There’s close to veto-proof support in both houses of Congress to repeal the medical device tax, and I wouldn’t be surprised to see that happen. It’s a gross tax, meaning a manufacturer pays it even if they had little or no profit. If ever there was a situation where “fairness” could be invoked, that’s it.

    • M. Noonan November 6, 2014 / 12:46 pm

      Bits and pieces can be done – but if we pass anything that would fundamentally halt ObamaCare, then Obama will veto it. And in the bits and pieces we can show ourselves the reformers…let Obama be seen as the obstructionist!

  2. Cluster November 6, 2014 / 9:35 am

    Now what? Now they lay out a plan to get some things done and pave the ground for 2016. Keystone Pipeline, corporate tax reform, trade agreements, and a new authorization of force against ISIS would be a good start and positions of which I think Obama would go along with.

    Immigration reform and Obamacare will be very contentious and those are battles that may be best fought AFTER they pass other legislation. Conservatives have to stay focused on the real prize that is still out there – 2016. We just won the semi finals on Tuesday. 2016 is the Super Bowl.

    • M. Noonan November 6, 2014 / 12:47 pm

      We have to be careful on corporate tax reform – we don’t want Obama to be able to cast as the party of Big Corporation. If we are to move on it, it would have to be coupled with something that is very clearly to the benefit of the middle class and the working poor.

      • Cluster November 6, 2014 / 5:06 pm

        Agreed. I think the short term should be a deal cut to repatriate the $2 trillion off shore funds. Lower the tax on that to a one time rate of 10%. Couple that with regulatory reform and stability and then work on a tax code reform that benefits everyone, and you will see an economy unleashed.

  3. Cluster November 6, 2014 / 9:53 am

    Howard Fineman, MSNBC – The Dems have to reinvent themselves all over again. The Obama era is over.

    Music to our ears.

  4. Amazona November 6, 2014 / 10:21 am

    Forget about “tax REFORM”. Take the big step necessary, abolish the IRS as we know it and strip it down to the barest of essential jobs necessary to deal with a new tax structure, whether it be the Fair Tax or the Flat Tax.

    That will cut Obamacare off at the knees as well as save many billions in tax administrative costs, remove the massive political Gestapo now used to reward political allies and pursue opponents, and insert a little sanity into revenue collection.

    • Cluster November 6, 2014 / 4:58 pm

      While a noble and worthwhile effort, abolishing the IRS is a huge undertaking that will take years if not decades. I think there are more pressing short term issues that need to be dealt with and a reform of the tax code is one that is achievable. Not to mention, if it is done right, it could be the first step in the eventual dismantling of the IRS.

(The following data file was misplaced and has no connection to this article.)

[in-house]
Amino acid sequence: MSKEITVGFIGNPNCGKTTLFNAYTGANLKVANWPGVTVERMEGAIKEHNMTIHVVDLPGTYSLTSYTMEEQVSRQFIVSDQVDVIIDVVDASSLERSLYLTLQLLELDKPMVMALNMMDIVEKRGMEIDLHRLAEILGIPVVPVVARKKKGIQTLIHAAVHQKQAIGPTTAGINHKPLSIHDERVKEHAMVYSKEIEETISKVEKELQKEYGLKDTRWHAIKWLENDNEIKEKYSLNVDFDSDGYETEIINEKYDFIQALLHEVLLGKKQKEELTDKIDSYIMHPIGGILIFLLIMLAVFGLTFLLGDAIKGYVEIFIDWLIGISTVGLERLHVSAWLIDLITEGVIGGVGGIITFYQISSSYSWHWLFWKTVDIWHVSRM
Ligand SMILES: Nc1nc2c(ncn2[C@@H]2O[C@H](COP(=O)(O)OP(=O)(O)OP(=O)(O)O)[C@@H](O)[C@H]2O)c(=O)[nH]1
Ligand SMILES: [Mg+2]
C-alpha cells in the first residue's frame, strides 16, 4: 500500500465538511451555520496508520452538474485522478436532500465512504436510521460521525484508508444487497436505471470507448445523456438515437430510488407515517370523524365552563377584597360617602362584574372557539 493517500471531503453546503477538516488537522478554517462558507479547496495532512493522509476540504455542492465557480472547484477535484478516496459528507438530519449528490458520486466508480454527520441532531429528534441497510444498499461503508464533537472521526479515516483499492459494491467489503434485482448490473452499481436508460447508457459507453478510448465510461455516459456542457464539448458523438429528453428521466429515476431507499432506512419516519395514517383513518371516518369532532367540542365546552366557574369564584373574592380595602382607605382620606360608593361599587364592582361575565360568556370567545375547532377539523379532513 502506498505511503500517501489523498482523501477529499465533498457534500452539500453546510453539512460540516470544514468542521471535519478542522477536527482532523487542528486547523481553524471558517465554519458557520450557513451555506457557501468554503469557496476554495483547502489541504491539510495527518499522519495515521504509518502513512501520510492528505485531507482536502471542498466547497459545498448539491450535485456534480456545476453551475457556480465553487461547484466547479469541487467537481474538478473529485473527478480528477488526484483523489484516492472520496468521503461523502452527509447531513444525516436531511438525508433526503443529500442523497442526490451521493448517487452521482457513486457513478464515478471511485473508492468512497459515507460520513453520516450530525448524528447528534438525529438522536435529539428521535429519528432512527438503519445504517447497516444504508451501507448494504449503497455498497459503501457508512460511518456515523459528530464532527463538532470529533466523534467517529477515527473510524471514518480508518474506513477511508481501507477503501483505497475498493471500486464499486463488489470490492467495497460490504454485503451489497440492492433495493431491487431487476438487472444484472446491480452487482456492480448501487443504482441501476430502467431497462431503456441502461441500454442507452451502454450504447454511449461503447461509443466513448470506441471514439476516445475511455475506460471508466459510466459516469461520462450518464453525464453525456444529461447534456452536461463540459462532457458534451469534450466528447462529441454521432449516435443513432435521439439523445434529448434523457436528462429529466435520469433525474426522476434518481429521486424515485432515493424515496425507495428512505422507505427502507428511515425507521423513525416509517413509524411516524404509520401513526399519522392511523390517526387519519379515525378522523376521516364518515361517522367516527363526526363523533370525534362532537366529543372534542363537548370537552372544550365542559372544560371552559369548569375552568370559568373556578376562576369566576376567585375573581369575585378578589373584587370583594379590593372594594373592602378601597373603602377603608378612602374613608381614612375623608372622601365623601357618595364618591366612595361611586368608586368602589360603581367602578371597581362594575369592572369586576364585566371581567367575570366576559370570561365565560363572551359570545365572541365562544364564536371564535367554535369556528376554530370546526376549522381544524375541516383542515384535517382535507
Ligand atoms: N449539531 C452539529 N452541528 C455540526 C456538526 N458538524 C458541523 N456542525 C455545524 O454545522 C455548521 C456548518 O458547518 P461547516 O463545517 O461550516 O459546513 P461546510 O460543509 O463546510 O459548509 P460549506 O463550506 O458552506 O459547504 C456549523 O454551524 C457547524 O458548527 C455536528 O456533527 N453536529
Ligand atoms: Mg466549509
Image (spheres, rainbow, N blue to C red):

• Amazona November 7, 2014 / 8:08 pm

        “…a reform of the tax code is one that is achievable…”

        Really? How do you REFORM 20,000 pages plus of tax code that no one understands, which has so many internal conflicts and ambiguities?

        This is what we do in this country. We have a bad law and instead of scraping it off and replacing it with something that works, we slap a bandaid on it and call it “reform”. And then when that “reform” shows problems and Unintended Consequences, we slap another bandaid on that. And so on.

        The Fair Tax is a consumption tax, collected at point of sale. Right this minute, nearly every vendor of every product or service already collects taxes. The shift to adding 15% or 17% to every sale would be a fairly easy thing to accomplish, and would remove the need for nearly all of the massive, bloated, inefficient IRS system.

        I would much rather reform a brand new tax code, one without decades of accumulated confusion and contradiction, than waste a single moment on dealing with superficial problems with our current mess and then find that we only solved the surface problems but ended up creating others.

        “…abolishing the IRS is a huge undertaking that will take years if not decades..” I just do not agree. I think it is faster, and easier, and in the end far more productive, than tinkering with the fatally flawed system we now have.

      • Cluster November 8, 2014 / 9:57 am